Ramesh Chandan: Coronary Artery Disease
Over the summer of 2021, Ramesh Chandan began to notice that when he went for long walks, he would feel pressure in his chest. His primary care physician did an exam that showed his overall health was good, but recommended an angiogram (a procedure that uses X-ray imaging to see the heart’s blood vessels) to determine if coronary artery disease was present. Coronary artery disease is a type of heart disease that develops when the arteries of the heart cannot deliver enough oxygen-rich blood to the heart. It is the leading cause of death in the United States.
Ramesh’s angiogram showed multiple blockages, including in his left anterior descending artery. The condition is referred to as multi-vessel coronary artery disease; when more than one coronary artery is affected by blockages, and the condition can be challenging to treat with conventional techniques and tools.
Ramesh was told he should have open-heart surgery to open the blockages, but at age 87, he was not convinced he would survive the surgery and wanted a second opinion. His primary care physician referred him to Dr. Kenneth Baran, a cardiologist at Minneapolis Heart Institute®, who suggested he should undergo further testing to determine the health of his heart muscle.
“The test results showed that 94 percent of my heart muscle was intact, and so Dr. Baran encouraged me to pursue stents as an option,” said Ramesh.
Dr. Baran connected Ramesh with Dr. Emmanouil Brilakis, who serves as chairman for the Center for Coronary Artery Disease at the Minneapolis Heart Institute Foundation® (MHIF) and director of the Center for Complex Coronary Interventions at the Minneapolis Heart Institute® at Abbott Northwestern Hospital. Under Dr. Brilakis’ leadership, MHIF’s Center for Coronary Artery Disease has built a world-class reputation for innovative research on coronary artery disease and life-saving treatments for even the most complex cases of blocked arteries.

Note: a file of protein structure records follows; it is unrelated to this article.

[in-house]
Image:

On September 7, 2021, Dr. Brilakis performed a complicated multi-vessel percutaneous coronary intervention (PCI), which was ultimately successful. He showed Ramesh images of the blood flow in his arteries from before and after the procedure, showing the flow had significantly improved.
Through innovative percutaneous techniques (performed through a needle stick through the leg or arm), interventional cardiologists are improving the outcomes of percutaneous PCI, making it a rewarding option for many patients who are experiencing symptoms. Interventional cardiologists are now able to gently steer special guide wires and catheters across the blockages, which are then opened using small metal coils, called stents. The Center for Coronary Artery Disease team helps educate other cardiologists across the world on these latest PCI treatment methods by maintaining resources for cardiologists to learn from hundreds of online patient procedures.
Once Ramesh finishes his cardiac rehabilitation, he said he is looking forward to traveling and resuming his normal life.
“It was very satisfying that Dr. Brilakis, using his expertise, was able to do what others couldn’t,” said Ramesh. “I definitely feel an improvement and am very grateful to Dr. Brilakis. His expertise is unparalleled and he is a leader in his field, but he is very down-to-earth. I have a lot of respect for the team at Abbott Northwestern and what they did for me and have done for others.”